I always wondered how Q*bert got his name. For many years, that kind of information was at best very difficult to uncover and a much more laborious process than it is now. Thanks to the magic of the internet and resources such as Wikipedia, information of this nature is pretty much instantly at our fingertips. So let’s have a look, shall we?
Note: All of the below information is sourced from each game’s respective Wikipedia article. There’s an awful lot more content on each game to check out in those articles, so I’ve included links to them in the title of each section. Sources for the information provided can be found on the Wikipedia pages too.
Being the slow-witted nincompoop that I am, it didn’t even occur to me that the word ‘cube’ is part of the name Q*bert. It’s obvious now, of course, but it was only in researching this article that the world’s slowest lightbulb finally lit up, after close to 40 years of seeing the name written and speaking it aloud.
Initially, the game was untitled in production (aside from having a working title of ‘Cubes’). The VP of Marketing at Gottlieb wanted ‘@!#?@!’ to be the title of the game (and it’s at this point you have to wonder how he became Vice President of MARKETING), but it was rejected – quite rightly – by staff as being ridiculous and unpronounceable (somewhat unbelievably, some test models of the machine did have this name on the artwork!). The consensus seems to have been that it was best to name the game after the title character, though he didn’t even have a name at that point. The name ‘Hubert’ was suggested – and it was then that ‘Cubes’ and ‘Hubert’ were combined to make ‘Cubert’. The name was then change by Art Director Richard Tracy (initially there was a hyphen rather than an asterisk) to ‘Q*bert’ and voila, the legend was born.
This one’s a more famous story – initially, the Japanese version of Pac-Man was called Puck Man, but this was changed in other territories to avoid vandalism of the machines, where the name could very easily be changed to that F word. Interestingly, the Pac-Man name stuck and was changed in Japan too, giving our perennially popular little yellow hero the same name worldwide.
As with Pac-Man, I think this story is quite widely known, but there are definitely some misconceptions around it. It seems that legendary designer Shigeru Miyamoto, being told that the game needed an English title, simply thought that the name Donkey Kong would give the impression that the eponymous character was a ‘stupid ape’; there was, perhaps, a slight misunderstanding in the translation, with Miyamoto believing that ‘donkey’ could refer to ‘silly’ or ‘stubborn’. Regardless, the name stuck – and of course, as with fellow early 80s gaming hero Pac-Man, we still see Donkey Kong in games to this day.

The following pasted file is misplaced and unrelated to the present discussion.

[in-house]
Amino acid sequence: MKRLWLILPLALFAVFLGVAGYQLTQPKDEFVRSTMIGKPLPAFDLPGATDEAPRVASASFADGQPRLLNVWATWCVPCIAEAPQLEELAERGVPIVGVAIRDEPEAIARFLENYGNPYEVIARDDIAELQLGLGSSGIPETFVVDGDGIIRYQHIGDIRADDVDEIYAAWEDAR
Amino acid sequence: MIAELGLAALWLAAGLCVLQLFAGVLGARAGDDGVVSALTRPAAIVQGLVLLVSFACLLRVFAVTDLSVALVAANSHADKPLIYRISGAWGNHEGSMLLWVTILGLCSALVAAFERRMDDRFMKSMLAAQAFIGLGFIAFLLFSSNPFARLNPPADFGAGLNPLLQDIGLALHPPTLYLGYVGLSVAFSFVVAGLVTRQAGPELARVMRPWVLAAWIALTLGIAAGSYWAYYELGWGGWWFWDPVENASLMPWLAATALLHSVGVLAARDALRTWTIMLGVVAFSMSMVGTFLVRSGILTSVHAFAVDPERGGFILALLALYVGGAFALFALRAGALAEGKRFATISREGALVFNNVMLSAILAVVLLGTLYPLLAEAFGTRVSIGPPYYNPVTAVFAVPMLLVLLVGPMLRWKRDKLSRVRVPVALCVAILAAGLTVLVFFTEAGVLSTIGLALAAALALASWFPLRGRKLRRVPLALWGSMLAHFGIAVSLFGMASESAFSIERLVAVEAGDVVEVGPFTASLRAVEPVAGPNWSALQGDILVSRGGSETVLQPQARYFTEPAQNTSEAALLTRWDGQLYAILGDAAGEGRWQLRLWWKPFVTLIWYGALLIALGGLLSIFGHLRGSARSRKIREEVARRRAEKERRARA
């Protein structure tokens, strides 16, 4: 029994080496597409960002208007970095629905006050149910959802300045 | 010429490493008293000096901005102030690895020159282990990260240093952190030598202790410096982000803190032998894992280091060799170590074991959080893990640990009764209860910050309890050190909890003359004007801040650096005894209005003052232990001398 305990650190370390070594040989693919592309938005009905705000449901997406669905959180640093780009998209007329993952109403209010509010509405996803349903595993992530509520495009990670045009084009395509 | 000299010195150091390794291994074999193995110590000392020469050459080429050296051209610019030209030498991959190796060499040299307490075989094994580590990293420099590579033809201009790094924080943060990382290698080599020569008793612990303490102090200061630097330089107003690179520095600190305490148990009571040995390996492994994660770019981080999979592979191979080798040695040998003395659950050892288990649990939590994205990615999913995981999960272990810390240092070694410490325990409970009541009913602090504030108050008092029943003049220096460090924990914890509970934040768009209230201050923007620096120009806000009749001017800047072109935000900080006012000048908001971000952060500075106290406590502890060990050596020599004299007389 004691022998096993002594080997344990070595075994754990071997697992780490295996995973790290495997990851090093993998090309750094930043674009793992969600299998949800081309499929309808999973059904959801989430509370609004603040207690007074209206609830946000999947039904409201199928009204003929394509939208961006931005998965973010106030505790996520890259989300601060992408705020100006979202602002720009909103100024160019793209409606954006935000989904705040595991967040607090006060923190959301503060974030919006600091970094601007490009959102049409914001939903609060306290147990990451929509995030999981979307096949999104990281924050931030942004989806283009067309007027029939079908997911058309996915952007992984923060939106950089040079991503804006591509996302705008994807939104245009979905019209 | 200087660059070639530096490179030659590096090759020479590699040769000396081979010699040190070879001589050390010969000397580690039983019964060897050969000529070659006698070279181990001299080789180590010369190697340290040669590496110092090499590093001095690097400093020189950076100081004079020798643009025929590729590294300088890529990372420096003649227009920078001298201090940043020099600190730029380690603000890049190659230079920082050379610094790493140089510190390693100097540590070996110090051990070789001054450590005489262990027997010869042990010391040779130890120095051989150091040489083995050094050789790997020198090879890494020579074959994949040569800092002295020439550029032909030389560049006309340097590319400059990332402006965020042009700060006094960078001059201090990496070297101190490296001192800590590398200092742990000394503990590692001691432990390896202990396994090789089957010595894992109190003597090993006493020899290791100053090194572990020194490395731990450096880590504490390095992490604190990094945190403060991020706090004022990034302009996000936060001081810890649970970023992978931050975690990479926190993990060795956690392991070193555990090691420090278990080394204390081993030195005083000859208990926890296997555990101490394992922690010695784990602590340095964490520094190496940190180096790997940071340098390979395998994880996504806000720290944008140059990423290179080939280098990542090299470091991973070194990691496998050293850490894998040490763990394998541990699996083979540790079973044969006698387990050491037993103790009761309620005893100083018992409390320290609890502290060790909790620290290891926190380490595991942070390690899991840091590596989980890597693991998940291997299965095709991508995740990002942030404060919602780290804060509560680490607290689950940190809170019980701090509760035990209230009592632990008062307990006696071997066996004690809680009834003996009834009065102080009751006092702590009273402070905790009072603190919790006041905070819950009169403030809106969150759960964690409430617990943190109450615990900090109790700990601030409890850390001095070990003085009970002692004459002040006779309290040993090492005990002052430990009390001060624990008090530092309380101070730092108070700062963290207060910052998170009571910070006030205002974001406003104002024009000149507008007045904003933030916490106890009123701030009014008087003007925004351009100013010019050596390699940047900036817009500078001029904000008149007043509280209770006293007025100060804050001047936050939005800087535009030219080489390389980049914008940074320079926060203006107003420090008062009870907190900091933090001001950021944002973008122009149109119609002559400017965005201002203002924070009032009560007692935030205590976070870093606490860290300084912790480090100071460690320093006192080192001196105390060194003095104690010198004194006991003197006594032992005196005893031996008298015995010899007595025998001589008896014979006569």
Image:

Far lesser known than any of the above – unless you frequented arcades in the early to mid 80s, as I did – Gorf was a very memorable machine due to its hugely impressive (for the time) usage of synthesised speech. It’s another game I always wondered about the name for, but it turns out there’s nothing particularly exciting or mysterious about it; apparently, the name was advertised as an acronym of ‘Galactic Orbiting Robot Force’. I was expecting there to be a longer and more interesting story about this one, but the game’s origins as a tie-in to Star Trek: The Motion Picture is a far more intriguing discovery for me; elements of Trek-esque ship design can, however, be clearly seen in the released game. Go check out the Wikipedia page for more on this!
I did check out some more titles for this article, but information was either incomplete or so dull as to be pointless to include it (Xevious, for example, is noted to have been initially called Zevious, but the X made it sound more exciting – which still doesn’t explain why they settled on that particular name in the first place).
Generic Game Names and Art
On the opposite end of the spectrum, I also have a real fondness for the somewhat optimistically naïve generic titles that early console games had, particularly for sports games – titles such as Football, Soccer, Golf or Ice Hockey for example (with the most notable – and popular – non-sports game being Atari’s very generic sounding Combat). The assumption being that if you have an Atari or a NES and you want a specific sports game, you just need to know which sport it is. There couldn’t possibly be any competing sports games, right? That one’s all you need! As was often the case – especially as these games came so early in the console’s life cycle – competing, more fully-featured games did of course appear, making the earlier games – and their generic titles – seem incredibly quaint by comparison. I find that oddly charming, much like the uniform box art of Atari’s games, or those by Activision – even the black box NES games and the Master System’s ‘grid’ style cases with simplistic artwork all have a charm and uniformity. These go beyond simple nostalgia, each giving their respective system a very different feel and identity.
I’ve enjoyed taking a look behind the names of some of the most famous (and not-so-famous) arcade games of yesteryear; it may be something that I delve into again. Let me know in the comments if you’ve come across any interesting stories about games and their sometimes unusual names.
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